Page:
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Petty Officer 3rd Class David Boord, a Navy musician from Naples, Italy, plays taps during a ceremony in May, 2000, at the cemetery in Draguignan, France. More than 500 American and French veterans, family members and distinguished guests attended the memorial for 861 American servicemembers who were buried in the cemetery and the 294 Americans named on Rhone's Wall of the Missing.
Petty Officer 3rd Class David Boord, a Navy musician from Naples, Italy, plays taps during a ceremony in May, 2000, at the cemetery in Draguignan, France. More than 500 American and French veterans, family members and distinguished guests attended the memorial for 861 American servicemembers who were buried in the cemetery and the 294 Americans named on Rhone's Wall of the Missing. (File photo by Anthony Burgos / Stars and Stripes)

In addition to remembering troops who gave the ultimate sacrifice, Memorial Day ceremonies at American cemeteries in Europe this weekend will begin a yearlong commemoration of the final 12 months that World War II was waged on the continent.

Ceremonies in Europe will also be linked to this weekend’s dedication of the National World War II Memorial in Washington, D.C., and the following week’s 60th anniversary of D-Day in Normandy, France.

“What we’re doing right now is preparing [for D-Day], but we’re trying to focus on Memorial Day in general, to commemorate the sacrifices of everyone,” said Margaret Flott, operations officer for the American Battle Monuments Commission-European Region.

The agency manages and maintains American military cemeteries in Europe and the Pacific and will be host to many of the ceremonies listed.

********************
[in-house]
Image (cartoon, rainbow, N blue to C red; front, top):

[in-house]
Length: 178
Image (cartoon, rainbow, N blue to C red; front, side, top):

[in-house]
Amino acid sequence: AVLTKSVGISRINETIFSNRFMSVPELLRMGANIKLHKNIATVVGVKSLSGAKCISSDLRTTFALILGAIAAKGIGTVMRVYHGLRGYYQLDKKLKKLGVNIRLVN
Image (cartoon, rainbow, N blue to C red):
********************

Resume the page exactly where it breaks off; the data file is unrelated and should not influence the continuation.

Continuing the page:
Americans in Europe should attend the events because “These ceremonies allow them to connect back to the U.S. because they are coming to a place where not only their fellow citizens have fallen, but also to where they can experience an American ceremony overseas,” Flott said.

For more information on the ceremonies listed, see the American Battle Monuments Commission at www.abmc.gov or the American Overseas Memorial Day Association www.aomda.com.

Following are the sites and their ceremonies:

Saturday10 a.m. — Ardennes American Cemetery, Neuville-en-Condroz, Belgium.2 p.m. — Luxembourg American Cemetery, Luxembourg City, Luxembourg.4 p.m. — Henri-Chapelle American Cemetery, Henri-Chapelle, Belgium.

Sunday9:45 a.m. — Aisne-Marne American Cemetery, Belleau (Aisne), France.10 a.m. — Rhone American Cemetery, Draguignan (Var), France.10:30 a.m. — Normandy American Cemetery, Colleville-sur-Mer, France.11 a.m. — Lorraine American Cemetery, St. Avold (Moselle), France.2:30 p.m. — Suresnes American Cemetery, Suresnes (Paris), France.3 p.m. — Brookwood American Cemetery, Brookwood, Surrey, England.3 p.m. — Flanders Field American Cemetery, Waregem, Belgium.;3 p.m. — Meuse-Argonne American Cemetery, Romagne-sous-Montfaucon (Meuse), France.3 p.m. — Netherlands American Cemetery, Margraten, Netherland.3 p.m. — Somme American Cemetery, Bony (Aisne), France.4 p.m. — Oise-Aisne American Cemetery, Fere-en-Tardenois (Aisne), France.4 p.m. — St. Mihiel American Cemetery, Thiaucourt, France.

Monday11 a.m. — Sicily-Rome American Cemetery, Nettuno, Italy.11 a.m. — Florence American Cemetery, Via Cassia, Italy.11 a.m. — Cambridge American Cemetery, Cambridge, England.3 p.m. — Brittany American Cemetery, St. James (Marche), France.

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